This is a discussion on Be your wife's bodyguard within the Defensive Carry & Tactical Training forums, part of the Defensive Carry Discussions category; Originally Posted by JudoJake If a threat comes form the front I quickly step in front of her, usually from her left, which allows me ...
Originally Posted by JudoJake
If a threat comes form the front I quickly step in front of her, usually from her left, which allows me to push her away or sweep my arm in front of her, while I draw my gun with my right hand.
Uhhhh . . . not sure how to say this, Jake, but man, if the way you chose to word your post is accurate (indicating that this sort of thing is a frequent happening), I'd suggest you take your wife to different places.
Seriously, man . . . just dogging on you a bit. I totally agree that I--as husband--am my wife's protector and should keep an eye out for her. I just thought your use of the present tense to describe a potential situation was a little too much Mall Ninja.
Battle Plan (n) - a list of things that aren't going to happen if you are attacked.
Blame it on Sixto - now that is a viable plan.
Learning to shoot again : Starting Over
My wife does a pretty good job of taking care of herself.I wonder how your wife actually survives when your not around
"Outside of the killings, Washington has one of the lowest crime rates in the country,"
--Mayor Marion Barry, Washington , DC .
I'm sorry, but if my husband walked behind me, acting like a detached bodyguard instead of a loving husband I'd kick his butt.
If I wanted a bodyguard I would hire one. I WANTED a husband! A man to love and to cherish me and to be affectionate with me. Sure, he can and does protect me, but while displaying that I am his mate, not his job.
I'm sure everything is well intended, but just be sure your wife (and I'm talking to all the married men here, not just the OP) is okay with that kind of arrangement before you start walking a pace behind her and treating her like a target instead of a woman you love.
When JD first got his carry permit, I'll be honest, he was.. well, a jerk.
He wouldn't let me hold his hand. He wouldn't look at me when I talked to him because he was "scanning for threats." He wouldn't let me hug him because I was inhibiting his draw or I might (GASP) cause some printing. Forget about me even WALKING on his strong side. It was like going out with robocop and I hated it.
It got to the point that if I wanted to have any fun with him at all I had to beg him not to carry, not because I didn't like him being armed, I just didn't like how he acted when he was armed. He acted like touching me would be a breach of some secret tactical code that would get us both instantly and horribly killed.
Luckily for me it was just the jitters of first time carry and he loosened up and laid back BIG time. He became 100% more enjoyable to be around armed and by the time I was old enough to get my permit he was as comfortable with me armed as he was unarmed.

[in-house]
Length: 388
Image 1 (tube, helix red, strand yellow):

If he reverted back to those old tactics in the guise of "protecting" me I think I would have to take a newspaper upside him head and remind him that while I appreciate his concern, I don't want the terminator, I want my husband!
I'm not saying that any of you are like this now, just cautioning you to find ways to defend your family while not making them feel like you are an impersonal bodyguard but still PART of the family you are trying to defend.
I appreciate my husband opening doors for me, but if he ran ahead of me to assess corners and then fell back behind me, and some of the other stuff recommended, he'd turn around and see that I was standing stock still with a look of, "WHAT THE HECK ARE YOU DOING?" on my face.
My husband is very vigilant of me and my safety (especially with his baby on board) and he DOES walk between me and the street. He will step between me and shady characters that may be passing and he has absolutely no problem guiding me away from things he might see as dangerous that I may have not seen, but he does it tastefully with the feel of a loving husband, not a bodyguard. When he switches sides with me he still holds my hand or puts his arm around me. When he alerts me to threats he does it by squeezing my hand and guiding me away, not just pushing me out of the way. When he moves between me and the street he makes sure to do so with a loving gesture.
I don't want him to treat me like a VIP, I want him to treat me like the woman he loves.
Typically, because we train and shoot and carry and discuss tactics together, we enter situations together and we dialogue about potential threats. Sometimes I see things he doesn't see, sometimes he sees things I don't see and we have ways of alerting each other, but on the times when I have not been so alert (say, when I was medicated out of my mind and shuffling along the Detroit airport to our next plane in agony) I was relying entirely on him to be my guide and guard and he took up the role with ease while still treating me gently and lovingly.
I guess that, in conclusion, I'd say it's a wonderful thing to want to protect your family and the people that you love, and I commend anyone who takes on that role and I agree that there are certain things that you can do to make that more possible and comfortable, but don't forget the emotional comfort of your family. Don't alienate them because you are trying to protect them. Some may be perfectly okay with it, but it may just emotionally push away the very people you are trying to protect.
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I do not like my wife in front of me, since a threat against me, which I consider a higher probability than a random attack against us, would slow down my response. An outright ambush is a lot harder to defend against if even possible.
Les Baer 45
N.R.A. Patron Life Member
I have to ask. How did someone your age develop such insight, common sense, and ability to express herself? Most of us around here don't have that ability. I'm glad you do. I've only known a few people (3-4) in my life who have those qualities. They were all much older and more experienced in life than you are.
HELGA: Where are you going?
HAGAR: To sign a peace treaty with the King of England.